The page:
Matched Sets

By Karen Parr-Moody

 

When I lived in New York City, my next-door-neighbor worked for Martha Stewart, that doyenne of décor. She had been in Martha’s home in Connecticut for photo shoots and duly reported back that Martha owned enormous sets of matching items, including a fabulous collection of Depression glass. My friend said the vastness of it made her want to give up the dream of collecting anything. It was obvious, she joked, that Martha owned it all.

 

We know that Martha doesn’t truly own every last collectible. That said, she does have – beyond Depression glass – exceptional collections of vintage McCoy pottery (in both white and pale blue shades) and Fire-King Jade-ite.

 

Most people would do fine with a few small matching sets scattered throughout their house. And there are many top-notch sets at GasLamp that would fill the bill.

 

The beauty accoutrements in this 11-piecce matched set, photo above right, are in an exquisite lilac color ($53.50; Booth B-115). Women have kept vessels such as these for their beauty items for thousands of years. You will note that one of these lilac vessels has a hole in the center of its lid. This is a hair receiver, which became a common fixture on dressing tables during the Victorian era. It was designed so that women could cull hair from their hairbrushes and tuck it into the receiver for other uses, including that of creating “ratts,” which were small balls of hair that women inserted into their hairstyles to add volume.

 

I have a Russian friend who turns up her nose at anything but “real” hot chocolate, and fortunately for her, Williams-Sonoma sells “real” hot chocolate. If you don’t get my meaning, “real” hot chocolate is actually done in the European method by melting chocolate shavings into steamed milk, not – gasp – by using cocoa powder.

 

While chocolate has been drunk as a beverage for thousands of years, the English of the mid-17th century took it to such heights that it required an actual porcelain set of accoutrements for its presentations to guests. It was at this time that early English chocolate pots arrived on the scene. They were often made of silver, with the family crest stamped into the side, but went on to be made in copper, china and porcelain, with floral decorations being especially popular.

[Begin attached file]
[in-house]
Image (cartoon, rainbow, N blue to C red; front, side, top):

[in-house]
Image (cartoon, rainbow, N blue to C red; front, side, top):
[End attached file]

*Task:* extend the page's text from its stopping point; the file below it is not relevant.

The 14-piece chocolate set in the photo, above left, is hand-painted with swans and would certainly do any lover of “real” hot chocolate proud ($125; Booth B-234).

 

I have an affinity for copies when they are quirky. Years ago I found a Staffordshire pottery spaniel “comfort dog” at GasLamp that was glazed in acid green. I can guarantee you that never in the history of Staffordshire pottery was an authentic comfort dog ever glazed in acid green.

 

Such is the case with this 7-piece pink set of earthenware that is was made in Japan, but is actually a strange copy of works by HB Henriot Quimper (photo, above right; $115; Booth B-234). Quimper is a type of hand-painted faïence earthenware that has been produced in Quimper, France since 1708; in fact, it is one of the oldest French companies in existence. This set, while not Quimper, is simply darling, don’t you think?

 

Salt cellars originated as a single, ornate vessel. But they eventually evolved into individual salt cellars during the Victorian era, when salt was decorously poured into a cellar at each guest’s place setting. Then guests the scattered salt onto food by using a diminutive salt spoon. The salt cellars in the photo, left, are a romantic set that would grace any table.  

 

This Edelstein teapot set, photo right, is such a lovely example of Art Deco porcelain and, at $35.50, is well-priced (Booth B-118). The Edelstein Porcelain Factory was founded in Kups, Bavaria, Germany, around 1934, but it is now defunct.

 

Sets are such fun to collect. You needn’t let them get out of hand. Just buy what you love and let those pieces shine.

 

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